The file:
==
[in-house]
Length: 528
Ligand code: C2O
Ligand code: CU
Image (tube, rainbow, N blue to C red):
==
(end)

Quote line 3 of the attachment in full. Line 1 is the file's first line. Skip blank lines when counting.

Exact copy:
Ligand code: C2O